STATE COLLEGE — Consistency remains at the forefront of John Harrar’s consciousness each time he takes the court.

From practice to games, the 6-foot-9, 240-pound junior forward resolves to stay emotionally stable, no matter what challenges or obstacles he and his teammates face.

The success he’s enjoyed from it, he said, is the byproduct of the amount of trust coach Pat Chambers and his teammates have placed in him.

“I think that it’s the confidence that coach has in me,” Harrar said. “He spends a lot of time checking in with my mindset. He texted me for hours after the (Minnesota) game making sure my mindset hasn’t changed from the first time I started or from the start of the season.”

Harrar entered No. 13 Penn State’s (19-5, 9-4 Big Ten) starting lineup on Jan. 15 in relief of Mike Watkins. The Nittany Lions lost their contest at Minnesota that evening, which handed the program its third consecutive loss. Harrar finished with six points and two rebounds in 19 minutes of play.

Harrar has remained in the Nittany Lions’ starting lineup since, and he’s played a more than just a bit role in the team’s recent seven-game win streak.

While he’s averaging only 4.3 points per game, his value has come on the defensive end.

Penn State’s latest weekend contest pitted Harrar against the Big Ten’s second-leading scorer and leading rebounder in Minnesota’s Daniel Oturu. Oturu scored 32 points, and Harrar played a career-high 34 minutes, topping the 30 he logged in 2018 against DePaul.

Chambers complimented Harrar’s efforts against Oturu and the Golden Gophers.

“John's ball screen defense was unbelievable for most of the game,” Chambers said.

Harrar said he refers to the Big Ten as the “league of the bigs.” Going up against talented post players such as Oturu only refine and strengthen his game. He's held his own against also premier league post players such as Indiana’s Trayce Jackson-Davis and Michigan State’s Xavier Tillman.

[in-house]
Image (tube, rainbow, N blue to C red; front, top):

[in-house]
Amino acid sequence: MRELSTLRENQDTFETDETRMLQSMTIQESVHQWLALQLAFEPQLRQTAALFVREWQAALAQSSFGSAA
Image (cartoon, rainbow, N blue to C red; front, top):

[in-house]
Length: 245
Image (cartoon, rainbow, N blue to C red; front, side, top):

“Oturu’s a great player — he’s a lottery pick (in the NBA draft),” Harrar said. “His potential is through the roof, and he gets things done. He also produces. I think Minnesota’s coaches saw that, so they made sure he touched the ball every possession.

Harrar’s averaging 18.4 minutes per game in Big Ten play, and he’s shooting 22-of-32 (.688 percent) from the field. He’s grabbed 47 rebounds (29 defense, 18 offense) to go with nine steals and five blocks.

His contributions have been a welcomed complement to Watkins.

“I think John has been a rock,” Chambers said. “He's been as steady as they come, and he's got confidence on the offensive end now. We're throwing the ball to him, and we have to continue to do that.”

A No. 13 national ranking and the hype that accompanies it hasn’t knocked Harrar’s focus from its center. He said he makes a conscious effort to stave off distractions, and he’s limited his use of social media in the hopes of doing just that. For him, it’s about taking each day one at a time — never thinking in the future, and not dwelling on the past.

“Staying in the moment,” Harrar said. “Always thinking about what I have to do today — I have to go practice, I have to defend, rebound against Mike (Watkins). That doesn’t change. I have to go tough on defense. Just staying in each moment and never getting ahead of yourself. Never look at the what-ifs.”

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